One of the most inventive commentaries of Rabbi Shlomo ben Yitzchak, the 11th century rabbi known universally as Rashi, comes on the first word in the Torah. Rashi says, “Bereshit” should not be translated as “In the beginning,” but “In the beginning of.”
The additional word holds great consequence. It suggests events taking place before the beginning of creation, coating the universe in an infinite sheen, without beginning or end.
The commentary is remarkable for appealing to a broad range of Jewish thought. It allows creationism to coexist with a scientific understanding of the universe, but it also adheres to traditional modes of interpretation: Rashi doesn’t reach his conclusion by revisionary means, but by making a strict comparison of grammatical useage in the Torah.
Rashi is the master of pshat, a method of interpretation focused on a simple, literal reading of the text. At their best, his commentaries are imaginative, yet timeless and universal. Those attributes cemented Rashi’s place in Jewish thought. Since the initial publication of his work in 1475, Rashi has been a first stop for anyone puzzled by a piece of Torah or Talmud, regardless of the age, experience or background of the student.
Today, Rashi is so ubiquitous and so timeless it’s become easy to forget he was an individual person living in a unique time, one that certainly shaped his reading of the Torah.
“Rashi,” a new book by Elie Wiesel, sketches a portrait of the master that is neither definitive nor exhaustive, but that introduces him and his work to those who don’t know him, and offers some context to those steeped in his work, but not in his world.
The slim volume — less than 100 pages — is part of Nextbook’s Jewish Encounters series, which tasks contemporary Jewish authors with writing about iconic Jewish figures or overarching Jewish themes. Wiesel and Rashi fit: both are prolific French Jews of traditional background who embrace the entire Jewish community through their words.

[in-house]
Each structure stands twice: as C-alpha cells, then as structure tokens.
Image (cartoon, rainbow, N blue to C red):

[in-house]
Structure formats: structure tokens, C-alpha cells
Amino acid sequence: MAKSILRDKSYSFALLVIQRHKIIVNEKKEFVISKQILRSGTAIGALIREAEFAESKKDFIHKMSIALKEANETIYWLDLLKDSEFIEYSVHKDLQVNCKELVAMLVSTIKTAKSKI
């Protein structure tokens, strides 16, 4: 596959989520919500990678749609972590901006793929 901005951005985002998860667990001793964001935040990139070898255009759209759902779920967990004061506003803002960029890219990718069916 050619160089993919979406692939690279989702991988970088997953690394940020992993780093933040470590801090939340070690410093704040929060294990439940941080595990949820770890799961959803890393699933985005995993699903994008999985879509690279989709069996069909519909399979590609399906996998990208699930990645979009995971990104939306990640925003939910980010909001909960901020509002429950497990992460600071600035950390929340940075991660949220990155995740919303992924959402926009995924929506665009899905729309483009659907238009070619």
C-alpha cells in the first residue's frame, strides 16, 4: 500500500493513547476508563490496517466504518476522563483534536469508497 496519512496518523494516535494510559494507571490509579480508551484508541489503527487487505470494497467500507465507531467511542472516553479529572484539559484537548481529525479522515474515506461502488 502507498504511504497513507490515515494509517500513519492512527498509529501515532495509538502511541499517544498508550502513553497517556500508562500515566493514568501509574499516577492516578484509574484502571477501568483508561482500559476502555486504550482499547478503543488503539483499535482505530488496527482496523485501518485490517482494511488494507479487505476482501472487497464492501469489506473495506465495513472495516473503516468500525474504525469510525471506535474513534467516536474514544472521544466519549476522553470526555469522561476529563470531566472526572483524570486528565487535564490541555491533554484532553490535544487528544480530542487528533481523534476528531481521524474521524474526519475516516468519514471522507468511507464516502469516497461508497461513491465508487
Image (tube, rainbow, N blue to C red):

Because few biographical details exist about Rashi, Wiesel instead relies on Rashi’s enormous body of work — which covers the entirety of the Tanakh and almost all of the Talmud — to show a leader seeking to reassure his community and future communities of Jews that the promises heralded in the Torah still held true, despite trying times.
For Rashi, those times were the early years of the first Crusade, when Christian armies descended through Europe to battle Muslim armies over control of the Holy Land.
Through his interpretations, Rashi defended the Jews. His commentaries explain away the apparent misdeeds of the Patriarchs, and highlight ulterior motives hiding behind the apparent kindness of their enemies. Jacob doesn’t steal Esau’s birthright “with cunning.” He earns it “with wisdom.” The Jews don’t worship a golden calf. It is “a mixed multitude… who fashioned the golden calf and incited Israel to follow it.” Rashi shows no mercy to Ishmael or Esau. “A general rule: whenever he can, Rashi chooses passages in the Midrash that can be interpreted as arguments against ‘other nations,’” Wiesel says.
Why begin the Torah with creation? Rashi says it is to prove the Jewish claim on Israel. If the whole earth belongs to God, then God can give portions and take them back at will.
For Wiesel, this commentary grows from the times, when Rome claimed to have replaced the Jews as God’s chosen, and when Christians and Muslims fought over Palestine. “So the Jew Rashi reminds them of this ancient legend: One day the nations of the world will tell the Jews, this land is ours; you stole it from us. And we will reply: the land belongs to God; He alone has the right to say who will live there. And he gave this land to us.”
Although the Crusade largely bypassed Troyes — where Rashi held court — the entire Rhineland suffered under forced disputations and conversions, anti-Semitic propaganda and massacres, which “surely influenced his conception of the world,” Wiesel wrote.
What are we to make of the fact that the most widely read commentaries in Jewish thought come from a man steeped in a time period so singular for its devastation? In an introduction to Song of Songs, Rashi describes Solomon’s verses as being written to comfort all the future Jewish generations in exile. What, then, to make of the poem now, when part of the Jewish community considers itself to be in exile and part does not?
“Was it his reaction to those events that were to leave traces of fire and blood in the Jewish memory forever after?” Wiesel asks. “Did he ever forgive Esau whose descendents — in Rome, according to him — bore down on the Jews whose tragic destiny was supposed to be proof that God had changed his chosen people?”
An introductory portrait is not the place to follow those questions, and Wiesel doesn’t, but their implications — on the source of our popular understanding of the Torah, on how Jews currently view the world, on Rashi’s continued place as a universal figure — linger in the mind.
(Eric Lidji can be reached at firstname.lastname@example.org.)